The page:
A SINGLE SQUARE PICTURE: A Korean Adoptee's Search for Her Roots
"One day I was Kim Ji-yun growing up in Seoul, Korea; the next day I was Catherine Jeanne Robinson living in Salt Lake City, Utah." So begins this memoir from first-time author Robinson. Her tireless search for her birth parents is driven by her memories of them and the photo referred to in the title, a snapshot of Kim Ji-yun with her mother and grandmother taken only moments before the seven-year-old boarded a plane bound for Salt Lake City. Even memoir-saturated readers will be drawn in by her description of this devastating leave-taking: "[My grandmother] hands me a roll of my favorite crackers and the folder of paper dolls my mother bought me after our last trip to the bathhouse. She gives me a slight push forward... I do as instructed and follow the blue cap and clicking heels away from my mother and grandmother." When Robinson returns to Seoul as an adult (having spent a happy if monotonous childhood in Utah), she easily reconnects with her father and half-siblings. But the trail to her mother turns cold several times before Robinson realizes that she may never know for sure whether her mother died in a car accident or relocated to Chicago. Meanwhile, she struggles to bridge the massive cultural gap separating her from her father. She ultimately decides that her true family consists of her patient American husband and her spunky adoptive mother. Fortunately, the journey to this unsurprising conclusion is a fascinating labor of love, populated by oddball relatives and fueled by banquets of carefully described Korean food. (Aug. 6)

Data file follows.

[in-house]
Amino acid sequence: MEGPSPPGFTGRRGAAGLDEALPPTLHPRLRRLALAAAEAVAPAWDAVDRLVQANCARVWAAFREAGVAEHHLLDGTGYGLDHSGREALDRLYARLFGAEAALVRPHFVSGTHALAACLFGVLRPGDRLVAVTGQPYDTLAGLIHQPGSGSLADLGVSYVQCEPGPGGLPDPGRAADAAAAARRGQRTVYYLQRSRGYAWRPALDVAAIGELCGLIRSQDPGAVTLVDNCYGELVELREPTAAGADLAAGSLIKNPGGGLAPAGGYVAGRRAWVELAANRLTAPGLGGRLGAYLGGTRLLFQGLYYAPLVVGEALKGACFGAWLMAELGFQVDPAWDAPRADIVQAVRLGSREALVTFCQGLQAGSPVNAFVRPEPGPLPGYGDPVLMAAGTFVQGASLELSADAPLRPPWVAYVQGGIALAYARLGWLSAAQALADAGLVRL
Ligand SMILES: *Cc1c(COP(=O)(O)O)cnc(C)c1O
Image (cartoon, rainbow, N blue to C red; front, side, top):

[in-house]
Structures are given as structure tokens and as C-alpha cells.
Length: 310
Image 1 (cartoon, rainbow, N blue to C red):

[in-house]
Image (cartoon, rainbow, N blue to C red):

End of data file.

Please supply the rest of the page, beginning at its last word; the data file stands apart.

Forecast:Readers of Helie Lee's In the Absence of the Sun (Forecasts, Apr. 1) and other Asian-American homecoming memoirs will gravitate to this. Robinson's tale is more accessible than Lee's, however, and the paperback price could make it an attractive reading club choice.
Release date: 08/01/2002